Katz and Cohen brought a $44 million defamation suit against the league, but last week, just as the case was about to come to trial in Los Angeles Superior Court, a settlement was reached. Both players were readmitted, effective immediately, to the ACBL. It was also agreed that the ACBL's insurance carrier would pay the players' legal fees of $75,000. However, another stipulation was that for at least two years Katz and Cohen wouldn't be allowed to play as partners, which is why Katz was playing with his wife, Pat, at the Wild Whist while Cohen played with Gogi Petrasek. Katz called this last provision "a face-saver" for the ACBL, the implication being that the league had, in bridge parlance, gone down two, doubled and vulnerable. Indeed, the league's willingness to readmit Katz and Cohen suggests that it may have had doubts about its ability to prove in court that they had, in fact, cheated. On the other hand, Katz and Cohen will have trouble claiming that they've been vindicated by a settlement under whose terms they chose not to try to clear their names in court and are still conspicuously prohibited from playing together as partners.


Baseball salary arbitration is something of a crap shoot. Arbitrators rule either for the players or the club, no compromises allowed. This year, for the first time since 1978, more players than owners crapped out. Of the 22 cases that reached arbitration, the clubs won 14. Player agent Steve Greenberg blames the players' poor showing partly on last year's strike; players, he says, weren't able to build up impressive or credible statistics over the abbreviated season. He also believes that some clubs, stung by arbitration losses in recent years, were purposely low-balling in prearbitration negotiations to induce players to submit bids higher than they should have.

Another factor was the presence on management's side in eight of the 22 cases of Tal Smith Enterprises, a new consulting firm specializing in baseball salary arbitration. The four teams represented by Smith, a former Yankee executive vice-president and Astro president and general manager, won seven of those eight cases, saving the clubs more than $1 million in salaries. In the process, Smith dethroned as king of arbitration player-agent Dick Moss, who during one four-year stretch had won eight straight cases but who lost to Smith in all three head-to-head confrontations between the two this year.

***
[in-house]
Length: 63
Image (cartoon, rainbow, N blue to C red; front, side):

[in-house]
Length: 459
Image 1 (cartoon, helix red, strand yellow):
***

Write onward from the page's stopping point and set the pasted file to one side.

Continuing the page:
Smith, who had been working with his nine-member staff full time since November in preparing for arbitration cases, attributes his success at the hearings to "intense preparation and good presentation." Indeed, so effective was Smith that one player who went up against him in arbitration reportedly confided later that he was almost swayed by Smith's arguments. But then, Smith may also partly owe his success to a willingness to offer slightly bigger raises than did negotiators for other teams. While the seven players he beat in arbitration received, even in defeat, salary increases averaging $118,000, the average raises of the seven players who lost in cases in which Smith wasn't present on management's side received raises averaging "only" $95,000.

Betty Ruth Goza of Lilburn, Ga. is a rabid basketball fan who has long had a special admiration for North Carolina Coach Dean Smith. However, Mrs. Goza's basketball-playing son, Lee, a 6'9" center, didn't get recruited by Smith, so he enrolled at Georgia Tech. Last week, during a 77-54 Tech loss to North Carolina in Chapel Hill, Lee Goza, now a senior, took an inbounds pass from teammate Brook Steppe to start the second half and, confused by the Tar Heels' man-to-man press, drove toward his own basket and scored a layup for North Carolina. The partisan Tar Heel crowd went bonkers, the other Tech players were mortified and Goza flashed a pained expression. But he regained his composure by the time the game ended. "I wish Mom could have seen it," he said brightly of his embarrassing moment on the court. "She always wanted me to score for North Carolina."



•Doug Atkins, former Chicago Bear end recently elected to the Pro Football Hall of Fame, discussing his old owner-coach, George Halas: "I got along with Halas just fine. If he'd paid me a little more, I might have even liked him."

•Edward Bennett Williams, Baltimore Orioles owner, referring to the National League's notoriously conservative owners: "They're 100% for progress and 100% against change."

•Doug Barnes, University of Arkansas at Monticello basketball coach, asked what his best move of the year was: "To sell nachos in the concession stand. We're making a bundle off those things."

•Wilbert Montgomery, Philadelphia Eagles running back, taking his turn as the last of 27 speakers at a sports banquet in Dover, Del.: "I thought that back-of-the-bus stuff was all over with."

•Chuck (Bobo) Brayton, Washington State baseball coach, on the importance of recruiting: "It's like shaving. If you don't do it every day, you're a bum."